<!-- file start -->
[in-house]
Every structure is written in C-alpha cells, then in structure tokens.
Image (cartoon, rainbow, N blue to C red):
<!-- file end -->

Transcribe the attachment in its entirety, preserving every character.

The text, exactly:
[in-house]
Every structure is written in C-alpha cells, then in structure tokens.
Image (cartoon, rainbow, N blue to C red):